Who knew: the Stephens family of TV's "Bewitched" are the Flintstones' next-door neighbors. Fred and Barney go on a weekend camping trip, claiming that women can't rough it as they do. In response, ...
Fred and Barney are caught up in a swirl of spies' intrigue, with exotic and menacing strangers and multiple threats on their lives, all while Wilma and Betty are waiting for them to return with the ...
The Smurfs are little blue creatures that live in mushroom houses in a forest inhabited mainly by their own kind. The smurfs average daily routine is attempting to avoid Gargomel, an evil man who wants to kill our little blue friends.
This popular animated television cartoon featured two Stone Age families, the Flintstones and their neighbors, the Rubbles. Much of the humor was based on its comic portrayals of modern conveniences, reinterpreted using Stone Age 'technology.' Most notably were their cars, complete with absence of floorboards to allow them to be 'foot-powered.' Written by
Tad Dibbern <DIBBERN_D@a1.mscf.upenn.edu>
The Flintstone's house size, design and furniture change in almost every episode. See more »
All throughout the series, the cars are run by foot. If this is the case, why do the gas stations exist? See more »
[while Alvin Brickrock, an Alfred Hitchcock lookalike, is at the Flintstones' front door]
Do you know the Rubbles?
We've never met, but I've admired your footwork many many times.
See more »
First season episodes incorporated an ad for Winston Cigarettes into the opening credits (this version of the opening was removed for syndication). Due to the decision to use a standard opening and closing for syndicated versions of the episodes, many episodes have incorrect closing credits. Last season episode debut,The Flintstones: No Biz Like Show Biz (1965) dropped the "Meet the Flintstones" closing credit song, in favor of footage of Pebbles and Bamm-Bamm singing "Let the Sunshine In." See more »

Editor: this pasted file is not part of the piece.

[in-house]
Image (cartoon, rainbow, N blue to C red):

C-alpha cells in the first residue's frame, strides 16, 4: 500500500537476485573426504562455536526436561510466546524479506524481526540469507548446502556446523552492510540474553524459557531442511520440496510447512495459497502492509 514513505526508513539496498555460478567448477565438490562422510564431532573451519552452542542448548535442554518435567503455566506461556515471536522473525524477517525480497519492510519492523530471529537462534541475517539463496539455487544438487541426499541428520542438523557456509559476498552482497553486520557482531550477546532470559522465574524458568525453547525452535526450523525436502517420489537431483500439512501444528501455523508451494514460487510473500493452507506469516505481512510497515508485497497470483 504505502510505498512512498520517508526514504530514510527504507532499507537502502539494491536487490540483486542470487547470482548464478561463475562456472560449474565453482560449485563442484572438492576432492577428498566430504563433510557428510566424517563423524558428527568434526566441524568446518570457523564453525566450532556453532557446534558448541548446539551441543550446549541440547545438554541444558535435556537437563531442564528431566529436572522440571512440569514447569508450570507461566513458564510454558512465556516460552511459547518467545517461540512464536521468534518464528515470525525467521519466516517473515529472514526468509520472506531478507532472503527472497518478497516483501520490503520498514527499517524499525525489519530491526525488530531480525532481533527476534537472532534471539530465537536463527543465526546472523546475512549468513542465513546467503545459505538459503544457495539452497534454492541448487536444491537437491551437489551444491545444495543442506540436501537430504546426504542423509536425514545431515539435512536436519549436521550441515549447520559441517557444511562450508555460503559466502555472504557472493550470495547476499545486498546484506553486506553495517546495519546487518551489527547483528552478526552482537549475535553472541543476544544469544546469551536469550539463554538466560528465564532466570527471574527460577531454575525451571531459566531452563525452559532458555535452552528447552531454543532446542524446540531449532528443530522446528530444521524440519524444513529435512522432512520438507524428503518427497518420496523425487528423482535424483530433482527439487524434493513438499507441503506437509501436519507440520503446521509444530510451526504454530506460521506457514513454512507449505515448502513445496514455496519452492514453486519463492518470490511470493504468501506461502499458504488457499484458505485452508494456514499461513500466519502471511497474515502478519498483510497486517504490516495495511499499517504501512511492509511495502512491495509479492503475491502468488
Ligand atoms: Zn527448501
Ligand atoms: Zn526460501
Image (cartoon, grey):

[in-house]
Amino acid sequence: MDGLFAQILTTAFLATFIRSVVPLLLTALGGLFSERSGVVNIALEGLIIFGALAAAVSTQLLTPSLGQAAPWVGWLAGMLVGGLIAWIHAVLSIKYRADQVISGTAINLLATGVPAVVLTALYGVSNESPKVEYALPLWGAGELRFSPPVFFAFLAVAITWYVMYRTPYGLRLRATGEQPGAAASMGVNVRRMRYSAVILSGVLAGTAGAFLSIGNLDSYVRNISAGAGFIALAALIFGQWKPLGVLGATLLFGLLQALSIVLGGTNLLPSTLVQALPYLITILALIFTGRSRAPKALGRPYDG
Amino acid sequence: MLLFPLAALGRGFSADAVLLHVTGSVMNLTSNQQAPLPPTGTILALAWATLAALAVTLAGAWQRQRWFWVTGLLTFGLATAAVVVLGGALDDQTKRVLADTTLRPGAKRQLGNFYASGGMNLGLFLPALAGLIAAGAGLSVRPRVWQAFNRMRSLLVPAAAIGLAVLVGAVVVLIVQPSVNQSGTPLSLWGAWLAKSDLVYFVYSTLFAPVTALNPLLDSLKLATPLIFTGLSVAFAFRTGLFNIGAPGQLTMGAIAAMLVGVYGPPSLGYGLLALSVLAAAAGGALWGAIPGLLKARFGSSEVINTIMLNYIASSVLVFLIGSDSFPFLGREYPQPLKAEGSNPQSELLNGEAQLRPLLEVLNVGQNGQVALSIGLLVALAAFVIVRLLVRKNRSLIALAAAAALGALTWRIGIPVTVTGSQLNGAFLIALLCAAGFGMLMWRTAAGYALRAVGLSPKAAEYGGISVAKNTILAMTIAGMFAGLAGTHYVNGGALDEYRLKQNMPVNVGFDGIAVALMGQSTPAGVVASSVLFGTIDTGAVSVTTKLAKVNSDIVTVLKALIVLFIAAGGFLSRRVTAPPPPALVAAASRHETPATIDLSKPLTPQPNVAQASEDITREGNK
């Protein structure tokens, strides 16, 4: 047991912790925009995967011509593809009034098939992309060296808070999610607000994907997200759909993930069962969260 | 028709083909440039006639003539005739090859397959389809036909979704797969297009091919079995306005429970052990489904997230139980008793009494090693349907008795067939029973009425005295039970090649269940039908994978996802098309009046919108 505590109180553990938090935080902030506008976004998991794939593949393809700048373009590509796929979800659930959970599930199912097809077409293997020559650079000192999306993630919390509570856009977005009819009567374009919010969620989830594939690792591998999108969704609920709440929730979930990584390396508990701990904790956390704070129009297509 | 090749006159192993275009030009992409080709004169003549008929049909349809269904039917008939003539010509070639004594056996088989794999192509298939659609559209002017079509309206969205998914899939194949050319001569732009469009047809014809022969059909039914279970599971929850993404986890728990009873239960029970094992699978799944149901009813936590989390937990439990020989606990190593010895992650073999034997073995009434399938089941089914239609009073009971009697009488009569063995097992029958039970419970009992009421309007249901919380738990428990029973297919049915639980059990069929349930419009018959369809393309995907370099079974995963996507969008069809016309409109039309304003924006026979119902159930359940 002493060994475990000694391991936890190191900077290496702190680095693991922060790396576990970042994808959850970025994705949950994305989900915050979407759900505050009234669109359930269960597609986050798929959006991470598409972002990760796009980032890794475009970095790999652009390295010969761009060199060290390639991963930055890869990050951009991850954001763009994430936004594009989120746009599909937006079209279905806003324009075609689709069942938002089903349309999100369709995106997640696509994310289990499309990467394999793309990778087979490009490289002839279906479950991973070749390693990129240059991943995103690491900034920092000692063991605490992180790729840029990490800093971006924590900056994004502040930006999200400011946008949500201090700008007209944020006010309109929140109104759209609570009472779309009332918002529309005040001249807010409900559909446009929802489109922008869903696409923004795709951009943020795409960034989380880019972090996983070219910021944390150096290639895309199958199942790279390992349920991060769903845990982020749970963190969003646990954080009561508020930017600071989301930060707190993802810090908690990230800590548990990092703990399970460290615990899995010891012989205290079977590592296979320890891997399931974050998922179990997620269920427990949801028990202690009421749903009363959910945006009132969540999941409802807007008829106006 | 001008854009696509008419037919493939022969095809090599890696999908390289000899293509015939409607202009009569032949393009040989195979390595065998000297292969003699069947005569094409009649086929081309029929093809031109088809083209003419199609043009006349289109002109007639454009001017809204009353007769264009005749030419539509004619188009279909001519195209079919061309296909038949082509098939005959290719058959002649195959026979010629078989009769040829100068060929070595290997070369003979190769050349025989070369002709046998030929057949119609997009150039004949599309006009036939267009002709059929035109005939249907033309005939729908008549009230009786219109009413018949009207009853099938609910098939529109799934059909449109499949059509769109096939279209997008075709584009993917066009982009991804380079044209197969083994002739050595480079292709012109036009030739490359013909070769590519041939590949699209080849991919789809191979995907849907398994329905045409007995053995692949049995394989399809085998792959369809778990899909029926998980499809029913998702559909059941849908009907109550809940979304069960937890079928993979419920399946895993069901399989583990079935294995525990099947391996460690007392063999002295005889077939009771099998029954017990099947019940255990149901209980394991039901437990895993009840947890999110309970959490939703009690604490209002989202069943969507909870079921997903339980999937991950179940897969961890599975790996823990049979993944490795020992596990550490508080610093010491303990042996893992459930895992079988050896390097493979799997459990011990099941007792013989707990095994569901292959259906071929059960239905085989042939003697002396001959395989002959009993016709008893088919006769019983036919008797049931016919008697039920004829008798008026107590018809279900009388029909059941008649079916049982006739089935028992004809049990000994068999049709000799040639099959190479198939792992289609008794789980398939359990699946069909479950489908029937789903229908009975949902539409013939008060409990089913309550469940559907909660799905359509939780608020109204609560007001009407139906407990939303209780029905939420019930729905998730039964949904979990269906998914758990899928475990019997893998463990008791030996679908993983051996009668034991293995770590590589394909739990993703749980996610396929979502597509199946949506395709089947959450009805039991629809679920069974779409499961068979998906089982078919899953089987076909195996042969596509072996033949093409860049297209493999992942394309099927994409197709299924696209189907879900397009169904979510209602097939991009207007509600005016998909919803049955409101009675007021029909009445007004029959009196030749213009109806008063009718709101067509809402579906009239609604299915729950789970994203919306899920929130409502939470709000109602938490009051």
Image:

THE FLINTSTONES hold a special place in my memory, as I'm sure they do for many people the world over. The series started in Britain in 1960, the year I had my very first job - babysitting for a neighbor. I was just 15. The two kids were total brats, screaming, spoilt, mashed potato slam-dunked over the wallpaper...but I didn't care, I was watching Fred and Barney live out there lives of near-perfection in a world that was starting to move away from near perfection! "Yabba Dabba Doo" must surely be one of the most recognizable cries on earth - WHO would not know its origins from 4 to 90?
The success of this animated icon probably lies in the simplicity of the Flintstone and Rubble clans. Everyone on this planet is part Fred, Barney, Betty or Wilmer at some time in their lives. Events depicted in each and every episode were things that everyone can, did (and will continue) to identify with. They are Mr and Mrs Average and if we all lived our lives and never achieved anything more than the Flintstones we could justifiably be happy. The show supported family values, decency, togetherness, love, friendship, clean living, laughter and it was environmentally aware, socially responsible and able STILL to reach children.
The lives of everyone in the Western World would have been that much poorer had it not been for THE FLINTSTONES. I can't say as much for the two appalling movie spin-offs!
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